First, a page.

Deportation of Previously Deported Hits Record High in 2010

During fiscal year 2010 the Department of Homeland Security apprehended 517,000 foreign nationals, detained 363,000, removed 387,000, and “allowed” 476,000 to “to return to their home countries without an order of removal,” says an annual report issued on June 17 by the Office of Immigration Statistics (OIS).

Mexican nationals accounted for 83 percent of those apprehended, 73 percent of those removed, and 61 percent of those detained. Nationals from Guatemala, Honduras, and El Salvador counted for 29 percent of detentions and 18 percent of removals.

Of the 387,000 removals, 29 percent were “expedited” by immigration officers without hearings. And 94 percent of expedited removals involved nationals from Mexico, Guatemala, Honduras, or El Salvador.

While total removals were down slightly compared to 2009 (387,242 v 395,165), expedited removals (111,118) in 2010 were near record levels (112,718) set in 2008.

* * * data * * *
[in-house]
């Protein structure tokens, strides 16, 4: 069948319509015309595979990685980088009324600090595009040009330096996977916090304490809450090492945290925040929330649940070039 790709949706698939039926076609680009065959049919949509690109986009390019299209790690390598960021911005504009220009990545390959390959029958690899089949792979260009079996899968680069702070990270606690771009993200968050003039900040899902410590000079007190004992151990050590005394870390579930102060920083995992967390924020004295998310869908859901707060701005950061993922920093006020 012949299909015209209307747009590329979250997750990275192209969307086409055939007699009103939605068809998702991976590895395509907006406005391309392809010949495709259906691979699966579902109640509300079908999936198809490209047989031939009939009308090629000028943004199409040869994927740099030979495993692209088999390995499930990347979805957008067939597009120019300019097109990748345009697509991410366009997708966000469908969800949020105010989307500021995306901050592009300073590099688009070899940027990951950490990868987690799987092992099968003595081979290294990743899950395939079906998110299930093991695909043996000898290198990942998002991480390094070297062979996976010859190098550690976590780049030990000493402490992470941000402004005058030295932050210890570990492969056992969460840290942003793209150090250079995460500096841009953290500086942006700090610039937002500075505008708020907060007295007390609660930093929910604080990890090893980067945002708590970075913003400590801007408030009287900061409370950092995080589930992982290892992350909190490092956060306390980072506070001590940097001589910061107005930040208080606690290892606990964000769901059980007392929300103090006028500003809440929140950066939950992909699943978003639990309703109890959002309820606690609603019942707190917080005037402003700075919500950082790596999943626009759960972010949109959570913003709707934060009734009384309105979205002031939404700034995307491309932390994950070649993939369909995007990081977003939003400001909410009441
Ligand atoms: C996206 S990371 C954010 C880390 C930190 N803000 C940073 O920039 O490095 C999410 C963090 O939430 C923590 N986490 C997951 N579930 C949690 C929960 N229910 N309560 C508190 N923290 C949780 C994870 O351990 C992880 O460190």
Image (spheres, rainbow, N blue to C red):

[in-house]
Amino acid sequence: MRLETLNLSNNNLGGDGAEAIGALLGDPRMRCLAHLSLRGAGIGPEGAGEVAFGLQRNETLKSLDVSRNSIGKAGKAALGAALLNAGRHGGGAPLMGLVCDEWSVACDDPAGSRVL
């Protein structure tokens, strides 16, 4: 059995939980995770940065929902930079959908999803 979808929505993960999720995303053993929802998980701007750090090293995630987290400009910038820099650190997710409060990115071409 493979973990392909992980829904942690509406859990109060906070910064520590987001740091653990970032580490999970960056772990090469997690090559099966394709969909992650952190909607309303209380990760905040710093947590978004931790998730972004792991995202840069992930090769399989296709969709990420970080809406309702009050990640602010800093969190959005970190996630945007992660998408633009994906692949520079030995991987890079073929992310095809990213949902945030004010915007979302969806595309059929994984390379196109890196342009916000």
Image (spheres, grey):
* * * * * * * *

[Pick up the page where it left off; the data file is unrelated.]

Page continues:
Of the removed, 169,000 were counted as criminal aliens. And 62,000 of the criminal aliens were counted as violating immigration laws or traffic offenses.

130,840 removals were “reinstatements” of previous removal orders, accounting for 34 percent of all removals, up from 30 percent in 2009, continuing a trend in the rising number and percentage of “reinstatements” since 2005. The countries of Mexico, Honduras, Guatemala, and El Salvador account for 98 percent of the record number of removals via “reinstatement” during FY 2010.


By mopress

Writer, Editor, Educator, Lifelong Student

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